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Lure of the Dance

Dancehall's catchy beats invade the club scene. Souped-up Caribbean music is redefining reggae with raunch and rhythm

Wayne Wonder | CROWD CONTROL Wayne Wonder whips up at frenzy at Club Traffik in Queens, N.Y.
Image credit: Dancehall Photographs by Alex Tehrani
CROWD CONTROL Wayne Wonder whips up at frenzy at Club Traffik in Queens, N.Y.

This winter proved to be an unseasonably hot one on the Billboard charts. Dancehall reggae stars Sean Paul and Wayne Wonder blazed their way into the American pop mainstream with authentic, sizzling Caribbean flair. Their hits -- the exuberant ''Get Busy,'' from Paul's platinum major-label debut, ''Dutty Rock,'' and Wonder's sultry, seductive ''No Letting Go'' -- formed a tag-team assault that shook dance floors and made car stereos boom. Not since the heyday of Bob Marley and Peter Tosh has Jamaica so suffused U.S. pop culture.

But don't confuse the digital dancehall of today with your Marley memories of yesteryear. While '70s roots reggae floated along on dubby rhythms and tended toward the spiritual, contemporary dancehall reggae is flashy, bawdy, and insistent. Packed with skittish electronic beats and spitfire rhymes, this relatively new subgenre is designed for dance-floor undulations in sweaty urban hotboxes. (Granted, some of the best dancehall is deeply political, but the songs that have succeeded on these shores have invariably toasted the lighter side of life.) For a young, diverse audience raised on hip-hop and R&B, dancehall is a logical, and physical, companion sound, a limber, body-moving genre offering the best of both worlds: aggressive rhythms and overt sex appeal.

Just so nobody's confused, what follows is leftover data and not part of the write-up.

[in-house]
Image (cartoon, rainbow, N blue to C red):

And for most of the last 20 years, it's been its own world as well. Independent of outside influence, dancehall has been percolating all over the U.S., especially in East Coast neighborhoods like the Flatbush section of Brooklyn, Jamaica in Queens, and parts of Miami. The scene has its own lingo, record labels, distribution networks, dance crazes, venues, and fan base. VP Records, the country's most prominent reggae specialty label, may have just inked a deal with Atlantic Records for select artists (including Sean Paul and Wayne Wonder), but its 24-years-strong business is far broader. ''We put out 60 albums a year, maybe two of which are on Atlantic,'' says Randy Chin, VP's vice president. ''We put out over 500 singles a year. Our main business is paramount to us.''

Paul and Wonder, too, are hardly overnight successes. March's ''No Holding Back'' is Wonder's eighth album -- ''I been doing the groundwork,'' he says -- and Sean Paul has been touring America since '96, playing to crowds of up to 2,000 people, before mainstream radio and video outlets began to take heed.

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